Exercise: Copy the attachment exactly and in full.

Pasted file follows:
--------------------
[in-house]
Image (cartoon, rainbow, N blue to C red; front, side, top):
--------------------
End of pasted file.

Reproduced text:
[in-house]
Image (cartoon, rainbow, N blue to C red; front, side, top):